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Facebook for Service?

Foreign courts, including those of Australia, New Zealand and even now the British High Court have accepted service of process through Facebook when other methods fail. The ABA journal reports that in Marriage of Jessica Mpafe v. Clarence Ndjounwou Mpafe, a Minnesota state court accepted that service of divorce papers through Facebook would be a cost-effective way to reach a person outside the country.

Our federal courts haven’t gone there yet, but may not be far behind. The Federal Rules of Civil Procedure 4(f)(2) and 4(f)(3) allow an individual located in a foreign country to be served, in the absence of internationally agreed means, “by a method that is reasonably calculated to give notice … as prescribed by the foreign country’s law for service” or “by other means not prohibited by international agreement, as the court orders.” This language allows room for the service of process via social networking websites on individuals who are outside of the US, especially in Australia, New Zealand and Great Britain where their courts have allowed this, if a reasonable case can be made.

Jeffrey N. Rosenthal has posted an informative blog looking at the progression of notice in our legal system. As courts move forward using Twitter, Facebook or other social networks for notice or service care must be taken to safeguard privacy and to avoid violating individual’s rights.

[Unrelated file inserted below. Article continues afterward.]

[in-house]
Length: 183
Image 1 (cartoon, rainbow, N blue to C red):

A World of Law Students in the News: Law Student Takes on Facebook

Max Schrems wasn’t sure what he would get when he asked Facebook to send him a record of his personal data from three years of using the site. What the 24-year-old Austrian law student didn’t expect, though, was 1,222 pages of data on a CD. It included chats he had deleted more than a year ago, “pokes” dating back to 2008, invitations to which he had never responded, let alone attended, and hundreds of other details.

One of Schrems’ main complaints with Facebook, he says, is that company retains information far longer than allowed under European law, which in most cases is limited to a few months. That issue has been the basis for several of the 22 formal complaints that Schrems and his group have lodged with the Irish Data Protection Commissioner – responsible for Facebook’s Ireland-based European subsidiary, which serves all users outside of the U.S. and Canada.


 

Report on “New Media” and the Courts

On August 26 of this year, the Conference of Court Public Information Officers (CCPIO) released a report titled “New Media and the Courts.” CCPIO surveyed members of the judiciary to see if and how they used such things as Twitter, Facebook, YouTube and Wikipedia. The results show that about 40% of judges used social media profile sites but judges not standing for re-election were much less likely to be on such sites. Generally, judges used the sites in their personal lives and many questioned the ability of using it professionally without compromising professional conduct codes of ethics. The entire report is more than 100 pages.


 

About that Photo on Facebook…

A recent post on Legal Blog Watch reports that several law firms are beginning to develop policies or guidelines for firm members who maintain social network sites.   Firms report wanting to ensure that the social media activities of individual lawyers are consistent with the firm’s image.


 

Social Media and Law Students: A Best Practices Guide

Advice for using social media applications like Facebook, MySpace and Twitter as a way for law students to market themselves.